All of this does not mean that we shouldn’t work hard and strive to do our best, reach goals, and achieve things. The gospel is not condemning you when you hold positions of power or authority, in the world, or in the church. That is not a bad thing. The challenge in the gospel comes at the point where your purpose in life becomes winning or showing you are better than others. When your sense of identity and self-worth gets bound up with the positon you hold. When you use your strength to lord it over others rather than to serve them.
These issues touch us at all levels of our lives from your own sense of self to your family relationships to your position in school or work to your place and perspective in the neighborhood or at church.
A few examples:
The pout! I suspect that’s what my family secretly labels my attitude when I’m upset that something is not going as I think it should. I make great plans. But at times the three other adults in my family have other plans, counter plans. They rebel! I get quite, sullen and make a headlong leap into the all about me pit.
Another example, I read recently about a neighborhood in D.C. where folks live in million dollar plus homes. They are up in arms because they fear property values in the neighborhood will decrease because churches in the community are ministering to the homeless. It is an all about me pit.
And imagine this, over the years I’ve come across folks in the church who complain because others in the church are not as humble , as faithful, as they are. Some of those folks hold on to their role in a church with a death grip, complaining all the while that no one else is willing to do the work.
These, and others like them are about our own struggles with ego, with control, with selfish desire, with temper tantrums when we don’t get our way. Not to mention examples of our experience of others who throw their weight around in selfish and self-righteous ways. Every one of these examples is self- and life – diminishing. They’re embarrassing and far below the dignity of what it means to be like Christ, to be truly human.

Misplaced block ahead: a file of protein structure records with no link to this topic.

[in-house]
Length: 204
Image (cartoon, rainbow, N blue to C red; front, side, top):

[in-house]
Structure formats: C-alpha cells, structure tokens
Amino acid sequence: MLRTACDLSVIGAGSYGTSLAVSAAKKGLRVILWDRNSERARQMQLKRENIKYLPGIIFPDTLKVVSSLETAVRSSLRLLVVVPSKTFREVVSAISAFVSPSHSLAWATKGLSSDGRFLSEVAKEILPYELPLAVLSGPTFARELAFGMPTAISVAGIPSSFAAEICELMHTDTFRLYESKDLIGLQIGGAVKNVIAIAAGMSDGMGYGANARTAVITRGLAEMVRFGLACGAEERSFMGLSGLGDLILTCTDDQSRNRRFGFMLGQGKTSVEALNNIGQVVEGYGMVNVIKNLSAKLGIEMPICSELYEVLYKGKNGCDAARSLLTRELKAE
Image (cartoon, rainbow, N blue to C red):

What Jesus shows us about the other side of baptism is that to be truly human is to bear the image of God, to be given all the grace of God, to be endowed with the power of the Holy Spirit. And then…to freely choose to surrender it all to restraining one’s power and to stand in solidarity with the vulnerable, the powerless, with those treated as less than human.
The philosopher Simone Weil suggests that to be human is not to do what is possible, but to do what is just. In other words, while it may be possible due to your strength and power to manipulate, to control, to terrorize, even beat up another person, to do so is unjust. And therefore inhuman. The truly human choice is to have the strength and the power to do whatever you want, to whomever you will, but to refrain from doing so out of love for the other.
That is what God does for us each and every moment. It is what Jesus did in his life and in his death. Jesus chose not to do what was possible, that is to rule over others, to kill, to control, to live a long life upon the earth. But out of love, instead, he freely chose to do what was just; to empower others, to lift others up, to heal, to give his life in order to set others free.
“Are you able to drink the cup that I drink, or be baptized with the baptism that I am baptized with?” Jesus asks.
By God’s grace we are able to choose to enter into the life of God, to understand ourselves as part of one interconnected web of kinship in the body of Christ. And to give ourselves for others and in service to the whole. Our baptism, whether received as an infant, a child or an adult, with a little or with a lot of water, is a beautiful gift of grace that promises new and true life.
The promise isn’t that life will be easy, that we will be spared pain, that God will grant our dreams and demands for better jobs, easier retirement, money, popularity, prestige, a wealth of friends, control or greatness. Rather, baptism offers you a place in the body of Christ and sets you upon a path where you can become more truly human by emulating Jesus’ loving, humble service.
And this journey toward a “great” that is Christ-like life is an open invitation, it’s offered to all regardless of age, or status or situation in life. You don’t have be “dunked” for this journey to begin.
But I suggest God won’t leave you alone, until you have gotten out of the shallow water of selfishness and power mongering and followed Jesus into the deep. You get to choose whether you will go all in. The more you move in that direction, you’ll discover that you are seen, you are valued, you are cared for, you are loved, by God and have a great purpose.
This frees you from the tyranny of trying to earn those things from others. Buoyed up by God’s mercy, you’re given grace, freely, and encouraged to be life and hope and love for others. You become an invitation to others to climb out of the All About Me pit and jump in the waters of grace.